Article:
Currently (2023), the traditional furniture retail distribution channels have just over half of the market share (62.1%). The Internet market share does not include those online sales in mass merchants and catalog chains such as Amazon. We estimate total online furniture and bedding sales to be about 18%. The next question is, “why are these various distribution channels preferred by consumers?” A recent national survey of consumers ranked specific retailers as #1, which we then attributed to specific distribution channels. As can be seen only in the valuation of the physical plant – exterior/interior—are regional chains found lacking.

What Does the Consumer Want?

As was previously mentioned, the Baby Boomer was easy to satisfy as long as it was traditional.

Yes, there were variations; CHIPPENDALE, LOUIE THE FOURTEENTH, or to the extreme SHAKER, but it was traditional. While not as exacting as their parents as to the finer styling details, the transition from craftsmen in small shops to manufacturing plants went well. Overtime the distinct design points were lost in each manufacturer’s interpretation of the style. With the next transition in the industry – moving to offshore manufacturing – more details were lost in the quest for manufacturing efficiency or just the ability to get something produced. The thoughts of dove-tailed drawers and 10-step finishes were traded in for the pursuit of margin. With this transition came a change in the consumer attitudes toward furniture from being an investment to a disposable item. As was discussed previously, the youngest generation’s attitudes especially in the upper incomes are returning to appreciate style and design. However, this return is not to the “Brown Furniture” of their parents and grandparents but a style that is uniquely their own.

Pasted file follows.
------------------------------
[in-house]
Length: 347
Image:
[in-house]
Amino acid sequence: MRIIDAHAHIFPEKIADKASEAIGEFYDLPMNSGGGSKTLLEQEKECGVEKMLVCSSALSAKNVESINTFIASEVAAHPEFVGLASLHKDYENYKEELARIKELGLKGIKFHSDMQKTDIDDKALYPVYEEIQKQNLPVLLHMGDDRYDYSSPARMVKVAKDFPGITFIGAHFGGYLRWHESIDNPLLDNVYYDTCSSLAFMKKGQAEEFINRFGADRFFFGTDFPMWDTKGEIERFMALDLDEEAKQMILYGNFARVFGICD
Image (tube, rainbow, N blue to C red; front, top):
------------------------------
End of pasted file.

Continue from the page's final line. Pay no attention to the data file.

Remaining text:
Using visuals in a recent national survey, FurnitureCore asked consumers to identify their current style and then their dream style from the following visuals. The responses are shown in Figures 10 A, B, and C.

As would be expected, the American furniture consumer has not totally abandoned the traditional styling, but they have started in that direction as can be seen from the graphic below. Leading that direction is the Millennials and Generation Z as indicated in Figure 10A, when the findings were segmented by generation.

Styles changes slowly, especially in durables that are purchased less frequently. Style changes are influenced by what the consumer is exposed to. Before we moved away from stay-at-home moms, “soaps” were big influencers. Social Media has filled that role as shelter magazines have declined as well in content/ advertising for furniture in the magazines that remain.

Manufacturers observe the trends and hope to strike a chord with the consumers. In this issue of the magazine, Style Directions presents animal motiffs as one of these trends.

The consumer has a vision of what their personal design style would be. In the same national survey, the consumer was asked, “What is your DREAM STYLE,” and this was their input along with the variance from their current style: As with the current styles, the generations influence the style direction. Figure 10B presents the dream styles by generation.

As can be seen from the table, midcentury has lost its luster with the younger generation, but modern is more in favor with this emerging furniture buyer. Analyzing this same input by income range, the results are shown below in Figure 10C.

The major challenge related to style with furniture manufacturers and retailers is not identifying incoming style trends, but how to communicate both externally to its customers and internally to the staff that will sell the product to the consumer. To accomplish this requires that the retailer develop its own unique naming process for a style using a series of fun questions that require less than five minutes. DesignCliq identifies the consumers styles with a 90% concurrence. An output is shown below in Figure 11. This process, while informing, can be utilized to market with direct email and the website.

It is difficult to incorporate generational and style preference into the execution of a strategy. The use of the old standard of a war room with pictures and notecards posted to a conference room wall has served retailers for years. Transforming this concept to a digital format can provide a demographic and style preference to merchandising. Figure 12 illustrates.